Employers should know the specific privacy laws and regulations that apply to them at the federal and state levels. Staying on top of the latest regulation changes ensures your security controls and privacy practices are always up to date. If you have locations or employees globally, you’ll need to stay updated on data and privacy regulations of the countries you’re operating in.

  • Justify the collection and processing of employee data

Employers should only be collecting and storing data on employees that is relevant and necessary to their job. This includes resumes, payroll data, contracts, benefits enrollment forms, compensation agreements, and performance reviews.

  • Notify employees of data breaches

If employee data becomes accessed, acquired, or compromised through cyber security issues—such as phishing, hacking, ransomware, etc.—employers need to notify the impacted employees and regulatory authorities in certain time frames.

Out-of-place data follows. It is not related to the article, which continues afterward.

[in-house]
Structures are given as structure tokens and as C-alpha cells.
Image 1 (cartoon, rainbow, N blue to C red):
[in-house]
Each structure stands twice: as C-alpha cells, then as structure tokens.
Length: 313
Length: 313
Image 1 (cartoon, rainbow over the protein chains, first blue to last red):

• Control access to PII

Not everyone in the organization should, or needs, to have access to employee PII. Ensure only authorized users (for example, human resources managers) have access to employee files and data. You can even customize the level of access authorized users have to ensure they are only able to see the information they specifically need. For example, managers may need access to their employees’ performance reviews, but do not need access to their benefits and tax documents.

  • Understand your state’s data subject rights

In some states, like California, employees have the right to request their own information. This includes access to view, request corrections of, and stay informed of changes to their PII. Failure to do so in a timely manner may result in fines if reported, depending on your specific state’s regulations.

  • Implement consent policies

Employers should disclose how they collect, process, and share employee data. You can have employees sign a consent form outlining this process either with their employment contract or within your employee handbook. Make sure that any updates to the policy are shared with team members .